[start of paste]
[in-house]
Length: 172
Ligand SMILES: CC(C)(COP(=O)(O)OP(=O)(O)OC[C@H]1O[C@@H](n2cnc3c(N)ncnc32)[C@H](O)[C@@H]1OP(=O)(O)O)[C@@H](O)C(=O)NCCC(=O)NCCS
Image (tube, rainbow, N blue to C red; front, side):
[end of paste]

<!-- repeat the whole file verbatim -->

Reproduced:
[in-house]
Length: 172
Ligand SMILES: CC(C)(COP(=O)(O)OP(=O)(O)OC[C@H]1O[C@@H](n2cnc3c(N)ncnc32)[C@H](O)[C@@H]1OP(=O)(O)O)[C@@H](O)C(=O)NCCC(=O)NCCS
Image (tube, rainbow, N blue to C red; front, side):